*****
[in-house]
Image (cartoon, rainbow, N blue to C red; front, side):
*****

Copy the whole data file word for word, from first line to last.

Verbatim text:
[in-house]
Image (cartoon, rainbow, N blue to C red; front, side):